Mill River Park and Greenway; image © OLIN / Sahar Coston-Hardy

Mill River Park and Greenway; image © OLIN / Sahar Coston-Hardy

The restoration of Stamford’s integral waterway allows the return of its natural flow and reverses the effects of its damaged ecological systems. This new urban oasis is a place for visitors and inhabitants to gather, play, reflect, and engage with the reclaimed river’s edge. Several new phases of the park are under way, aiming to further activate the banks of Mill River and extend the greenway south. 4. Lotus Lake Park–Kunshan, Suzhou, China by Integrated Planning and Design Lotus Lake Park is a revitalized urban waterfront situated in the canal village of Kunshan, China. Water and music are of significant value to the local community, and have destined the park’s two key landscape elements. The resulting landscape provides restoration for despoiled habitats, wetlands, and waterways, while simultaneously creating public open space for recreation and education. 
Lotus Lake Park, image courtesy of www.ipdgrid.com

Lotus Lake Park, image courtesy of www.ipdgrid.com

3. Leicester Square–London, United Kingdom by Burns + Nice
Leicester Square; image courtesy Burns + Nice

Leicester Square; image courtesy Burns + Nice

Also featured as our number 7 in our  Top 10 Squares for Detailing ,this historic West End square is one of London’s most frequented areas, attracting around 2 million visitors each and every week. The design draws influence from the late 19th century form of its central gardens. Spatial separation of the square is established through a “white ribbon”, acting as informal seating, along which sits a “green ribbon” of sweeping textural planting. Once an unkempt public space, the square’s thoughtful and contemporary design has provided London with a new type of urban space. The firm responsible, Burns + Nice, have earned numerous accolades this year for the design. 2. The Australian Garden, Royal Botanic Gardens Cranbourne–Cranbourne, Australia by TCL Landscape Architecture Urban Design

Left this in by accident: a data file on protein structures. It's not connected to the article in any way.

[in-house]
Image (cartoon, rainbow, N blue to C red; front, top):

Australian Garden, ; credit: John Gollings

Australian Garden, ; credit: John Gollings

Australia’s largest botanic garden devoted to the display of native flora stakes claim to the best landscape project of the year award at the 2013 World Architecture Festival and also featured in 10 Great Projects Showing why Australia are Leaders in Landscape Architecture. Users are taken on a metaphorical and experiential journey through the ever-changing Australian landscape. Situated on the site of a former sand quarry, the garden illustrates the artistry of landscape architecture through an assimilation of horticulture, architecture, ecology, and art. 1. Gardens by the Bay — Bay South–Marina Bay, Singapore by Grant Associates
Gardens by the bay; credit: Photo collection from Robert Such, Darren Chin, Craig Sheppard

Gardens by the bay; credit: Photo collection from Robert Such, Darren Chin, Craig Sheppard

Opened mid last year, this 54-hectare, verdant wonderland is the first of three distinct gardens that aim to form Singapore’s new urban oasis by the year 2015. Bay South is comprised of a collection of special horticultural gardens, each containing mass flowering and colored foliage. The visual highlight is the 18 iconic“Supertrees” — uniquely designed vertical gardens suffused with tropical climbers, epiphytes, and ferns. Through its intelligent environmental infrastructure, Bay South is a fine example of multi-disciplinary collaboration, and has recently been awarded the 2013 Landscape Institute Fellows’ Award for Climate Change Adaption. There you have it — 2013 summed up in 10 amazing  landscape architecture projects that will continue to prosper for years to come. Now, keep your eyes peeled for our “Top 10 projects to look out for in 2014”! Article written by Paul McAtomney Featured image; credit: John Gollings